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Foundations of Modern Cosmology Hardcover – 1 Sep 1997


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Product details

  • Hardcover: 512 pages
  • Publisher: Oxford University Press Inc (1 Sept. 1997)
  • Language: English
  • ISBN-10: 0195104978
  • ISBN-13: 978-0195104974
  • Product Dimensions: 16.5 x 2.8 x 23.6 cm
  • Average Customer Review: 4.0 out of 5 stars  See all reviews (6 customer reviews)
  • Amazon Bestsellers Rank: 1,765,659 in Books (See Top 100 in Books)
  • See Complete Table of Contents

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Review

Review from previous edition "Foundations of Modern Cosmology" by John F. Hawley and Katherine A. Holcomb is a welcome addition to the list of college-level astronomy textbooks for nonscience majors. [...] Hawley and Holcomb bring to their writing valuable first-hand knowledge and accomplishment in relativistic astrophysics research. Their book reflects the careful development that occurs only when a textbook is written after years of teaching the material. (Paul Shapiro, Physics Today, Vol 52, No. 5, May 1999 pg 70-73) --This text refers to an alternate Hardcover edition.

About the Author

John F. Hawley is Professor of Astronomy at the University of Virginia. His research interests include black holes, accretion disks, and large-scale numerical modeling of astrophysical systems. He was the 1993 recipient of the Helen B. Warner Prize from the American Astronomical Society for his contributions to accretion disk theory and numerical simulations. He has taught an introductory course in cosmology for undergraduates at the University of Virginia since 1989.

Katherine A. Holcomb received a Ph.D. in physics from the University of Texas at Austin. She has worked on numerical simulations of a variety of physical systems, including cosmology, relativistic plasma theory, and climate. She is currently employed at the University of Virginia in research computing support. --This text refers to an alternate Hardcover edition.

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On a clear, moonless night, in a field far from city lights, the sky might be the cabinet of some celestial jeweler, displaying glittering points of light on a field of black velvet. Read the first page
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Most Helpful Customer Reviews

17 of 17 people found the following review helpful By joeparis on 8 Oct. 2002
Format: Hardcover Verified Purchase
Excellent, concise, unpatronising book that explains the fundamentals of cosmology. It is extremely easy to follow while at the same time includes some essential formulae to aid understanding of key concepts. I felt satisfied and informed and equiped to tackle new developments in the subject. No pictures but enough diagrams to aid understanding.
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Format: Hardcover
This is a serious yet easy to read book on a fascinating and popular subject and its main commendation is its accessibility and rigour. It is an excellent antidote to some of the glossy and expensively packaged books by "pop" writers and TV programmes.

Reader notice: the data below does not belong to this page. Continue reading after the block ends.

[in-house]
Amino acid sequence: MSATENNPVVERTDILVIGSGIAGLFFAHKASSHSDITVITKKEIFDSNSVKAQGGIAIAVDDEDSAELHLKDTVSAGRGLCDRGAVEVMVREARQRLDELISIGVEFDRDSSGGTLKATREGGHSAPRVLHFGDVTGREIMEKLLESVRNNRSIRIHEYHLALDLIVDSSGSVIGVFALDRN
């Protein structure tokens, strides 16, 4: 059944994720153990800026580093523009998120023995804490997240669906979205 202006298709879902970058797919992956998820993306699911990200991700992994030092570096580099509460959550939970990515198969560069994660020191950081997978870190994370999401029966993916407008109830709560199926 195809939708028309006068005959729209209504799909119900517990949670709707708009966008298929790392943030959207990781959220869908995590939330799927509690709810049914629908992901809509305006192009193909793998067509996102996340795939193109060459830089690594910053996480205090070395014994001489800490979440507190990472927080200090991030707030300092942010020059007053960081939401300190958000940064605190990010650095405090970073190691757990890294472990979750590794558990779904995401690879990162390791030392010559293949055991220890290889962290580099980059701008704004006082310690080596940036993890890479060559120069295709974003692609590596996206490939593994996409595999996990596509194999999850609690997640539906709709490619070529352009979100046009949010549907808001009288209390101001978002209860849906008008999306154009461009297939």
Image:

As the introduction of the book makes clear, the authors aim for a wide audience for whom Cosmology is not a core discipline. Not only do they do a good job in meeting this goal, but they also present the physical concepts and experimental results in a way that provides new and deep insights to those whose main interest is Physics. For instance, the discussion of the Big Bang and the cosmic models provides an excellent complement to the mathematical presentation of authors like M.V. Berry. Equally, there is a plethora of material that describes experimental results like those for General Relativity: bending of light under the influence of the sun's gravity, the Eotovos experiment to demonstrate the Equivalence Principle, etc.

The book covers a broad field: Some historical aspects, Special and General Relativity, the Big Bang and various cosmic models, dark matter, and large scale structure.

The glossary and the authors' web site provide further information on the subject.
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Format: Kindle Edition Verified Purchase
The one star is for the low price, the only redeeming feature. The hardback version of this book, which I also have, is wonderful in content, writing style, clarity, and quality of paper and printing and binding.

The Kindle version, which I have read about a third of, has taken that wonderful content that the authors worked so hard over and transformed it into an ugly confusing mess. The main problems are:

1. Headings now appear AFTER the relevant paragraphs - fabulously disorientating in a book dealing with complex, detailed concepts.

2. All equations and diagram annotations are unreadably tiny in the text, and horribly bitmapped and blurred when you double-click to expand them.

3. The highlights which I carefully added from my iPad Kindle reader were all gone when I viewed the book on my Macbook Kindle reader, and subsequently deleted from my iPad when I next viewed the book from there! Thanks Kindle!
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